The student will learn how to avoid common pitfalls, how to shade from the “Y=” menu, and options
to format the graphing screen .

Previously Learned Skills
1. Basic Graphing Calculator Usage Lessons
2. 2.1 Entering the Function

Lesson 2.2 Common Pitfalls – Plot Mode , Subtract vs Opposite, Fractional Exponents

1. Turn on your calculator and clear the memory.
A Common Pitfall is to activate the Plot Menu instead of remaining in the Graph Menu.
Key “Y=” the gray button below the screen on the left side. You will see:

Notice where the cursor is located and that
the = sign is not in front of a black box.

2. Notice that the words at the top of the screen, “Plot1 Plot2 Plot3” are NOT in front of a dark box.
This screen is correct. Sometimes students accidentally activate the “Plot1” option, by keying
the blue gray “2nd” button (1, 1) followed by the “Y=” button, giving a new screen seen below on the
left: Then in haste a student may key “ENTER” once or twice and activate the PLOT Option of the
calculator which is used in a statistic class, not college algebra.

Entering the STAT PLOTS Menu

Choosing Plot 1 to be on

When we graph functions we do NOT plot points and create broken line graphs , bar graphs,
Box and Whisker Plots as shown in the “Type:” of graphs used in Statistics Classes.

3. The student then realizes that he is in an unusual menu so keys “2nd” (1, 1) “MODE” (1, 2)
Which activates the “QUIT” option, returning the calculator to the HOME SCREEN shown
at the left below. However, when the student now asks for the “Y=” menu, the calculator is
ready to PLOT as seen with the “Plot1” now activated.

Notice the dark background behind the “Plot1,” show at the right below.

By keying “QUIT” we return to the Home Screen

By keying “Y=” we are now in the PLOT Mode

4. If the student then enters any function and keys “GRAPH” the calculator will produce an
“ERR: INVALID DIM” and ask you to “1: Quit.” When you key “ENTER”, the calculator
returns you to the Home Screen.

This error message is not very helpful so the student has to realize that he has to deactivate the “Plot1.”

5. To deactivate the “Plot1” follow these steps:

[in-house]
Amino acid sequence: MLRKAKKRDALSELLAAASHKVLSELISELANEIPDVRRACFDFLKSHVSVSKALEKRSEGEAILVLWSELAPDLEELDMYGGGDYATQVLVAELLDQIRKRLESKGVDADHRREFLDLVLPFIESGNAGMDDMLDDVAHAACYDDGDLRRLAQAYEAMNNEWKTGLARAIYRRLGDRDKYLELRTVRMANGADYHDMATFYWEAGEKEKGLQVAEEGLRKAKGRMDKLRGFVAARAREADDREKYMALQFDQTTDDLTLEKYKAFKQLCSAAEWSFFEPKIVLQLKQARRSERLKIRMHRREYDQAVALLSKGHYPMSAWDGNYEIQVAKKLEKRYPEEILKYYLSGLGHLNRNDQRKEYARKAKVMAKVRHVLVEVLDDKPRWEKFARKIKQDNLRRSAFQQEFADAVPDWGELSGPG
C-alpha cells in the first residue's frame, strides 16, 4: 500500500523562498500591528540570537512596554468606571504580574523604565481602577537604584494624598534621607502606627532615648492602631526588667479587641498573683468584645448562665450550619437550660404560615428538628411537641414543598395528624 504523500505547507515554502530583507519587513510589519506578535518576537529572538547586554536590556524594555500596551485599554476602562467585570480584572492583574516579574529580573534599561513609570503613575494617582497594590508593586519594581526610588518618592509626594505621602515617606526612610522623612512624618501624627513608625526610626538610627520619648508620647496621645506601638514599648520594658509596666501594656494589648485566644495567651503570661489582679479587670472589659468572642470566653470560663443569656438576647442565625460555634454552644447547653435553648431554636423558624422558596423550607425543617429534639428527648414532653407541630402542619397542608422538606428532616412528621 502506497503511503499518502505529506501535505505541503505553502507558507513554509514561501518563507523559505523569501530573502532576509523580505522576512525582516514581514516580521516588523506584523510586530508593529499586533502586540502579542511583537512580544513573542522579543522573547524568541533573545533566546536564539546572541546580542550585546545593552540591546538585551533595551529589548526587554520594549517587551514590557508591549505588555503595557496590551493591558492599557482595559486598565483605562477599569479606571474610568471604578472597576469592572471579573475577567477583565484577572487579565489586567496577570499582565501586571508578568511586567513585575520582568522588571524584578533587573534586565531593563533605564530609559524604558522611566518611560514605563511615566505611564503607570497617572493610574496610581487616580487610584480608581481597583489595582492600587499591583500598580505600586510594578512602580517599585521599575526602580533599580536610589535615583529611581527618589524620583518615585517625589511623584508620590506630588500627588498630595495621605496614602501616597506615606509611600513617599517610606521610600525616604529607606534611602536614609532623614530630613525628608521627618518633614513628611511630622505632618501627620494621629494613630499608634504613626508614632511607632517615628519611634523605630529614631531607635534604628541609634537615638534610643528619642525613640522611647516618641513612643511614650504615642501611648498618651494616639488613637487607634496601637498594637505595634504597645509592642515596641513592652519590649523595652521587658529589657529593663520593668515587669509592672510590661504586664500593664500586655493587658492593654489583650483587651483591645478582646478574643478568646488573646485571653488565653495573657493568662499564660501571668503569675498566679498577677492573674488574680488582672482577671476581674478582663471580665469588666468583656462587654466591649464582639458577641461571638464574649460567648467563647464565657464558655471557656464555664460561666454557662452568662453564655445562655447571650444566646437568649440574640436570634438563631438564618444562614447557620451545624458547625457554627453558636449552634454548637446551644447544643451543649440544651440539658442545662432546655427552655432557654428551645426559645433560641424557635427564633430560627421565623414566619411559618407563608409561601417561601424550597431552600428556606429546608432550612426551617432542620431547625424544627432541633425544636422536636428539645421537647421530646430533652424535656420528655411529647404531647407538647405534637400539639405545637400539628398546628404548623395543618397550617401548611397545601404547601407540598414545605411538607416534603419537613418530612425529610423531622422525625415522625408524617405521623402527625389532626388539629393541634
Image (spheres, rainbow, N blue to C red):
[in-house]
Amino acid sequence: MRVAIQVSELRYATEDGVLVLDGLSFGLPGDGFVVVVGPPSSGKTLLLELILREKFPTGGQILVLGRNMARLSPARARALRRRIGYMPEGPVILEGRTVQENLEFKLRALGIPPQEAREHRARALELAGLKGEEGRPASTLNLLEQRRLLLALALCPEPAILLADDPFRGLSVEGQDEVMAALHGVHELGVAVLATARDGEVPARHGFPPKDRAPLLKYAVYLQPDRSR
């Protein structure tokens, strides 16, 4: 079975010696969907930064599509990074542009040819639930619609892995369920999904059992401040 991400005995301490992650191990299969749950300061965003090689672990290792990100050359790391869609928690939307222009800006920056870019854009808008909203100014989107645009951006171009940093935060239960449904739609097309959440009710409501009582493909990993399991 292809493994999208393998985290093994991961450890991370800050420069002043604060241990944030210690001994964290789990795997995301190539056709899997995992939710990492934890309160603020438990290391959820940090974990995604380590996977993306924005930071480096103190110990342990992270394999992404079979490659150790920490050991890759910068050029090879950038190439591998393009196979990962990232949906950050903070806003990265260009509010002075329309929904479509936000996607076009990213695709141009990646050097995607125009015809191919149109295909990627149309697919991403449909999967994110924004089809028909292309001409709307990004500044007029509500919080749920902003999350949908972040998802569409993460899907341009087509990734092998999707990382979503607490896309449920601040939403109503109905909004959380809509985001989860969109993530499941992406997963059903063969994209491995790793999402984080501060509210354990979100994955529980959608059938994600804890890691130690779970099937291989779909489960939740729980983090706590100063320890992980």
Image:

(a) Key the blue gray button “2nd” (1, 1), once again seeing:

(b) Scroll down using the non-destructive gray arrow to “4:PlotsOff” and key “ENTER.”

Scroll down to “4:PlotsOff”

Key “ENTER” twice.

(c) You did it!!! Now you can resume graphing. Key “Y=” as before and the “Plot1” is NOT
in front of a black rectangle and so not active.

The calculator is in the GRAPH mode

 The graph of a quadratic function is a parabola.

The quadratic function has degree 2, has 2 directions (down and up), and has 2 zeroes
(2 real solutions or 2 x- intercepts ).

You can also clear the DEFAULTS of your calculator to return to the GRAPHING
Mode. However you may not want to clear, depending on your work.

6. Another Common Pitfall is to incorrectly using the subtraction sign " "found on the gray
key on the right edge of the keypad or the opposite sign “( - )” (9, 4)

(a) At the beginning of the right side of the equation you must use the opposite sign “ ( - )”
(b) Within a mathematical equation you must use the subtraction sign.

Y1 is correct while Y2 is incorrect

Y1 is correct while  Y2 is incorrect

7. A third Common Pitfall is to enter fractional exponents incorrectly.

If you want to take a square root of a number or a variable you have at least 2 easy
ways to accomplish this. There is a 3rd way using the “MATH” button which will not be

(a) You can use the square root symbol found on the left edge of your keypad by
keying “2nd” (1, 1) followed by “ x2 ” (4, 1) or

(b) Keying the “^” caret (4, 5) followed by the expression (1/2). Note that the 1/2 has
to be enclosed in parentheses ! If not, the calculator will take the number or variable
to the first power and then divide by 2.

The principal square root of 9 is 3, not 4.5.

The first line is not correct. The 2nd and 3rd lines are correct.

NOTE: Any radical power can be expressed as a fractional exponent. For example the fifth root
of 32 squared is 4. 32 ^ (2/5) = 4

The first line tells the calculator to find the 5th root of 32
which is 2 and then square that which is 4.

The 2nd line tells the calculator to find the 5th root of 32 which is 2, square that which is 4 and
lastly take the opposite which is negative 4.

The 3rd line tells the calculator to find the 5th root of negative 32 which is negative 2 and then
square the negative 2 which is positive 4.

In other words, the calculator does the root first, then the power.

Assignment 2.2 Common Pitfalls

Complete this assignment to submit to your instructor.

1. To enter an exponent on x, we use the “^” which is called the ___________________________

2. Explain how you know when you are in the “Plot1” Mode? ______________________________

3. Explain how you can turn off the “Plot1” Mode without clearly the DEFAULTS. ______________


4. When is the opposite sign used? __________________________________________________

5. When is the subtraction sign used? ________________________________________________

6. How can you tell which sign is which, the subtraction sign and the opposite sign? ____________

Explain how the calculator finds the following:

7. The fourth root of 16 cubed. 16 ^ (3/4) = 8 ____________________________________________


8. The cube root of negative 125 squared. (-125) ^ (2/3) = 25 _______________________________


9. The 5th root of negative 243 squared. (-243) ^ (2/5) ____________________________________


10. The opposite of the 5th root of negative 243 squared. – ( - 243) ^ (2/5) ______________________


Prev Next